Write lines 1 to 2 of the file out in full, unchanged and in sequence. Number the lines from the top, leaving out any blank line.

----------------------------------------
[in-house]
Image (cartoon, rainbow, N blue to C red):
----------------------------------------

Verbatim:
[in-house]
Image (cartoon, rainbow, N blue to C red):